62.72 Consent is a central concept in the Privacy Act—as it is in health ethics—and is of particular importance in dealing with health information because of the sensitive nature of that information. Consent provisions allow individual health consumers a measure of control over the collection, use and disclosure of their health information. This contributes to an environment in which the autonomy and dignity of the individual are respected, and supports the public interest in health consumers seeking advice and assistance from health service providers when needed, with the assurance that they will be able to maintain appropriate control of their personal information. It is important to note in the context of the Privacy Act that the issue under consideration is consent to the handling of health information and not consent to medical treatment.
62.73 The role of consent in the privacy regime generally, including issues such as the definition of consent and the use of ‘bundled consent’, is considered in detail in Chapter 19. In this chapter the ALRC will consider the role of consent in dealing with health information.
62.74 The OPC Guidelines on Privacy in the Private Health Sector (OPC Guidelines) state that the key elements of consent require that:
it must be provided voluntarily;
the individual must be adequately informed; and
the individual must have the capacity to understand and communicate his or her consent.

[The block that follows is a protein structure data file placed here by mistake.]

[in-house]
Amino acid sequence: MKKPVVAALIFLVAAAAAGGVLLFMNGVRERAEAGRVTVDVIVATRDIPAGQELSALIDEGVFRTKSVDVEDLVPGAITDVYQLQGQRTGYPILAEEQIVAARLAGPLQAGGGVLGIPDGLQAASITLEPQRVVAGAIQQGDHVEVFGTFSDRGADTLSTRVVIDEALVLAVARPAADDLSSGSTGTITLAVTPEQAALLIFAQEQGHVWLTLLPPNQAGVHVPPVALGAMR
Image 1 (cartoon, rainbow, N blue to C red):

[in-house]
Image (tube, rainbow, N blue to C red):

Consent in the IPPs and the NPPs
62.75 In general terms, both the IPPs and the NPPs attempt to align consent requirements with what reasonable health consumers would expect in relation to the handling of their health information.
62.76 Consent is generally required when collecting health information under the NPPs, subject to a number of specific exceptions. Consent is not required, however, when collecting health information under the IPPs. Consent is not required for use under the NPPs or the IPPs if health information is used for the purpose for which it was collected or any other directly related purpose and, in the case of the NPPs, individuals would reasonably expect the organisation to use health information in that way.
62.77 Consent is not required for disclosure under the IPPs if the individual was reasonably likely to have been aware that such disclosures are usually made. Consent is not required for disclosure under the NPPs if the information is disclosed for the purpose for which it was collected or a directly related purpose and individuals would reasonably expect the organisation to disclose health information in that way.
62.78 There are a number of exceptions to these general rules. For example, health information may be used without consent under both the IPPs and the NPPs where the use is:
necessary to lessen or prevent a serious and imminent threat to an individual’s life or health;